Welcome back to our Allotment Retreat, where we are please to inform you that we're fighting back. The weeds have run riot over the plot during my ongoing illness, but thanks to a little help, we are getting to grips with the jobs. Thanks must go to all who have helped out, most notably Neil & Stuart. It took a good ten days from start to finish to get the bed ready, but will hopefully be worth it in the end! So , how did we get here, and what did we do ? Read on!
Having first cleared the bed of weeds, and digging the soil over several times (removing amongst other things 8 x 1' sections of cast iron gutter, and copious quantities of glass) , we set about digging 2 trenches, each about 8' long and 1' wide, and about 18" deep. We then lined the base of each trench with about 6" of corrugated cardboard which had been torn into small pieces. This will soak up and store the moisture for the roots of the climbing beans. We then backfilled to give a good depth of soil in which the plants can grow.
Next off, we pushed 6 x 3' lengths of plastic tube deep into the soil. We will use this to get water direct to the cardboard reservoir area in the base of each trench, simply by watering direct into the tubes. We're hoping that this "reservoir" of water will get the roots going to provide strong plants.
And then we put the canes in! I prefer to put the canes in vertically and then bend them slightly to meet at the top. This seems to give extra strength to the structure - needed because our site is wide open to the elements. Finally we added a good layer of gen purpose compost to each trench top, to use as our planting medium. With 10 canes vertically on each side, we had plenty of space to get planting. We put Runner Beans (v. Scarlet Emperor) all down 1 side, with 2 seeds about an inch deep for each cane. On the other side, we have a bit of a mixture: 2 canes have Borlotti bean seeds, 4 canes have Climbing Purple French beans(v. a cosse violet), and 4 canes have Climbing French Beans (v.Blue Lake). This will hopefully crop the approx amount of each variant that we want.
We'll also start plants off at home, to fill any natural gaps.
Adjacent to the end of this bed, work is underway to clear enough space to put a wigwam of Vermont Cranberry Beans that were donated via Dan - cheers!
As i detailed on the 17th April, we decided to donate our greenhouse to someone who would get more use out of it. The lucky recipient of the "jigsaw" was Ralph, who in exchange was only too happy to rotovate our 3rd plot. Seems like a good exchange to me and we did the deal. Already Ralph has done half the plot, which made it very easy to plant our last 3 rows of spuds. These are our second earlies (v. Nadine) and hopefully they'll have enough time in the ground to give us a good, albeit slightly late, crop of tasty spuds.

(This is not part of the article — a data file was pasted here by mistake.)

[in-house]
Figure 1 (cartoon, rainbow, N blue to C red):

So as you can see, many hands do make light work. Its still daunting looking around the plot - weeds everywhere, but a little and often is once again reaping rewards. The first early spuds are starting to show, the apple tree blossom is opening up, and there's a buzz of excitement around the site as summer approaches. Let's hope we all manage a good cropping year. I hope you've enjoyed our update, and hope you'll pop back soon for more from the plot.
Welcome back to Reads Allotment Retreat. Slow but steady progress is now being made on the plot. It's hard to work slowly when there's stacks to do, but that's the way it has to be. I saw a Consultant at the hospital last week, who confirmed that my MRI scan from the week before reveals a Lateral Disk Prolapse at C5/C6. The good news is there's no invasive surgery on the horizon, but still i have to take it easy. I've signed up for Physio, a well as been referred for neurological tests. Fingers, like everything else possible, are well and truly crossed! In this picture, you can see that we've managed to clear 1 bed. This is home to our Rhubarb crown which is growing on well.There's also a clump of Rosemary, a Red and a Black currant bush, as well as a good clump of primula that were donated by Bill last year. This next picture shows just how much we have to do, and also how far behind we are! We managed (with a little help!) to drag the mower around the plot today - at least now we can see where the beds are ! The Apple / Pear trees are beginning to fill with blossom, so hopefully this season we will improve on last years 5 apples !! Sadly the Victoria Plum tree never survived being moved, so we'll replace that just as soon as funds allow. In the background of the pic, you can just make out the spud bed that Neil dug for us. That was such a blessing.